A quick attempt to discover the etymology of the Sicilian grape variety known as Inzolia yielded these google translations from Latin:
in sol ia = the sun is
in solia = throne
insolia = SUN
Drink the sun.
The perpetual search for wine value provides us with certain patterns. One of them is this: use an established wine for which global demand has distorted the value – every era has them – and explore the viticultural margins for substitutes. So Classed Growth Bordeaux gave us Napa Cabernet Sauvignon. So Napa Cabernet Sauvignon gave us Chilean Cabernet Sauvignon. Etc. etc.
During one of our latter day Chardonnay crazes the market seemed as if it could absorb no limit of the full-bodied, nutty, tree-fruit flavored liquid. And while farmers everywhere planted more Chardonnay vines, there remained thousands of isolated local cultivars which could be caused to resemble something similar. You might even say some of these exemplified an ideal of Chardonnay better than poorly planned Chardonnay could.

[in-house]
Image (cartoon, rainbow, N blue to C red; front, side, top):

And without the word Chardonnay on the label, these were virtually immune from inflationary price bubbles.
Before refrigeration the best way to preserve much of the wine grown in a hot place like Sicily was to fortify it with neutral spirits. In Sicily we call this traditional style of wine Marsala, and among the grapes cultivated for the purpose is Inzolia. But with a stagnant market for traditional fortified wines and a booming market for Pouilly Fuisse, the logical move was to spend some money on modern refrigeration and bring Pouilly Fuisse temperatures to Sicily. Voila: varietal Inzolia table wine.
But careful. The pressure to create a simulated Chardonnay can have all sorts of negative consequences for the drink. Any cosmetic intervention runs the risk of distorting the native humor of a grape. Enologists and their clients can lose the plot in the focus on marketable details.
So, if Inzolia doesn’t want to be Chardonnay, what does it want to be?
Inzolia wants to be Inzolia of course, and its up to us – wine drinkers, wine growers, market forces – to discover what that is. The example from Sallier de la Tour seems like progress to me. The aromas are suggestive of raw almonds and melancholy mineral oxidation. On the palate the acidity seems integrated rather than imposed and the texture is toward the fuller-bodied side. Crucially, one drink of it seems to justify another. I want to serve this wine with cooked ocean critters, like calamari and mussels.